Skip to content ↓
Upton Junior School

Upton Junior School

One Childhood - One Chance

Cultural Capital


       Cultural Capital at Upton Junior School


Pupils and parents creating family tree

Our understanding of ‘knowledge and cultural capital’ is derived from the following wording in the national curriculum: ‘It is the essential  knowledge that pupils need to be educated citizens, introducing them to the best that has been thought and said and helping to engender an  appreciation of human    creativity and achievement.’



         A key aim of Cultural Capital is to expose children to cultural experiences and background knowledge that             will equip them with cultural  knowledge to propel them further in their education, careers and social                         development. 

Pupils learning to cook

         It is thought that children from low-income backgrounds benefit the most                   as “the accumulation of cultural  capital – the acquisition of knowledge                         – is the key to social mobility”. However, Cultural Capital is beneficial to                         all pupils.

         Socio-economic factors within the country can limit the options of some                       families to provide cultural opportunities for their children. We believe,                         therefore, that schools play a massive role in ensuring access  to all.

         Across the curriculum we plan explicitly for Cultural Capital opportunities                 and some examples this can be found below:



Examples of Cultural Capital Opportunities at Upton Include:


Reading is the main vehicle through which pupils will discover essential knowledge. Reading is the driving force behind our curriculum and promoted at every opportunity.

The opportunity to perform through drama, whether this be performing to parents or speeches or class drama

Exposure to high quality texts that promote cultural and moral learning. Our texts are intentionally chosen because of their moral or cultural content and feature texts by authors of differing gender and ethnicity.


Maths is full of essential knowledge. From using money, telling the time and knowing about shapes, to how to add and subtract, multiply and divide. Using real-life problems is an excellent way to show pupils the validity of their maths knowledge


The National Curriculum includes a wealth of Science Cultural Capital, including  understanding about humans and plants,  life cycles, light, sound and forces space and electricity. We also ensure that this knowledge is supplemented by the opportunity for pupils to prove this for themselves wherever possible. To investigate, to see things first-hand, to find out for themselves…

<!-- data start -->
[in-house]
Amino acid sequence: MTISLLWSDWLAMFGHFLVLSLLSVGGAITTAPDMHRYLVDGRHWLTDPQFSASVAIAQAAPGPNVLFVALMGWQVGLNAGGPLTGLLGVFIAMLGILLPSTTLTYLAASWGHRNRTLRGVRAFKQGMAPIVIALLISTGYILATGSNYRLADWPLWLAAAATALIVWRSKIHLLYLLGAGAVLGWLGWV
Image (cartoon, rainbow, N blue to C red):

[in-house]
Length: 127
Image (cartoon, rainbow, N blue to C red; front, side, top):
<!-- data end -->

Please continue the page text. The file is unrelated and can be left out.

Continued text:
In Art, pupils learning about a range of well-known artists and study their work and their lives. In addition, we organise a number of art competitions and projects that allow children to develop their art skills. To promote Art opportunity further we link with a local art club to host onsite activities.


The opportunity to saw, cut, mould, join, etc. is something that many children are unable to access at home. By ensuring we have both the tools and the opportunity at school, all our children can learn these practical life skills from an early age. In addition, in every year group pupils have the opportunity to cook and prepare food, again something we consider to be essential knowledge.


We view swimming as essential knowledge, as a life skill, and have worked hard to maintain a swimming pool onsite so that every year group has swimming lessons every week.

Within PE, pupils have the opportunity to experience a multitude of differing sports through weekly lessons. We run a minimum of 10 after-school sports clubs each week and 30 across the year.

The school hosts huge multi-school events onsite to allow pupils the opportunity to compete for the school without the barriers of travel.

      Computing         and ICT

As we move into an increasingly technological future, knowledge of computing and ICT becomes ever more essential. Aside from the opportunity to learn coding and programming processes, essential knowledge includes the ability to stay safe online. We have an extensive e-safety programme that teaches pupils these skills as part of our Personal Development Curriculum.

In addition, computers are key to pupils discovering essential knowledge for themselves and so significant school spending ensures that we have an up-to-date computer room and a set of laptops and iPads for each year group.


Within Music, every year all pupils have music lessons through which they learn to play an instrument: recorders, ukulele, violin and keyboards, and learn to understand musical notation.